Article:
The DNA of 100,000 newborn babies is fully decoded

The genomes of 100,000 newborn babies in England are to be sequenced in a £105 million research program that could pave the way for a comprehensive newborn screening plan for rare genetic diseases.

Genomics England, a government-owned company, aims to read all the DNA from a nationally representative sample of babies shortly after they are born. The two-year project, carried out in partnership with the NHS, will start at the end of next year.

“Generating this evidence will enable policy-makers to make well-informed decisions about whether whole genome sequencing could be introduced as part of a future newborn screening programme,” said Richard Scott, Chief Medical Officer of Genomics England.

Currently, babies are given a “heel poke test” when they are four to five days old. Biochemical analysis of these tiny blood samples reveals nine potentially serious conditions so that treatment can begin as soon as possible.

Whole-genome sequencing — reading all 3 billion “letters” of a baby’s genetic code — is expected to increase the number of treatable conditions to about 200, many of which are extremely rare.

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“We estimate that around 3,000 children are born in the UK each year who could benefit from this approach if adopted nationally,” Scott said. The number of tests requiring further testing is probably between 1,500 and 2,000 per 100,000 infants.

“The genetic variants we selected have been shown to cause serious childhood conditions that benefit from early detection and treatment,” said David Bick, principal clinician of the Neonatal Genomes Program.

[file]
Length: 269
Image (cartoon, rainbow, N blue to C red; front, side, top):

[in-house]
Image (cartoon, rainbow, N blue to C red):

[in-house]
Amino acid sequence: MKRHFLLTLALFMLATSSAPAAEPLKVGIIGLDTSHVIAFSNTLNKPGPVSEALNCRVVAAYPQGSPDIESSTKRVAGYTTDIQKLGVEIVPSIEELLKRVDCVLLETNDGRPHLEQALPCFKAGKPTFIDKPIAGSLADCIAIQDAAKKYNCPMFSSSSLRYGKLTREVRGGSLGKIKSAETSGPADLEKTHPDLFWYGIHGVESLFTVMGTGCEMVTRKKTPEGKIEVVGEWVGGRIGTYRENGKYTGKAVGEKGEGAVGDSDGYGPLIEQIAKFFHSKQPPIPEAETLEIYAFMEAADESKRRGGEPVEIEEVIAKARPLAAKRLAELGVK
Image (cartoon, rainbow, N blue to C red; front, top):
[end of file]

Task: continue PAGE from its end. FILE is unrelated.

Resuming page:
One goal is to end the excruciating “diagnostic odyssey” that thousands of parents endure when young children develop a mentally or physically debilitating disorder for unknown reasons. Without genomic analysis, that usually takes four to five years, Scott said.

Participants are selected by NHS trusts across England to be as representative of the population as possible, with an emphasis on achieving the ethnic diversity often lacking in medical research projects, Bick added. Scotland, Wales and Northern Ireland may join later.

Selected parents are approached mid-pregnancy about potential participation, so they are ready for their baby to undergo more than the standard heel prick test. We explain the benefits and risks, including the wider implications of storing your baby’s genome for life.

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The Genomics England project is one out of eight newborn sequencing studies are planned worldwide, but most of the others are smaller scale.

In its previous 100,000 Genomes project, which focused on patients with cancer and rare diseases, Genomics England used equipment from the US company Illumina to read the volunteers’ DNA. Scott said the sequencing technology to be used in the Newborn Genomes Program has not yet been determined.

Although the Newborn Genomes Program was designed in consultation with medical ethicists, several geneticists have expressed doubts that the NHS has the resources for extensive genomic screening in addition to its existing work.

“Using whole genome sequencing to screen newborns is a step into the unknown,” said Frances Flinter, clinical geneticist at Guy’s and St Thomas’ NHS Foundation Trust. “We should not compete using this technology until the science and ethics are ready.”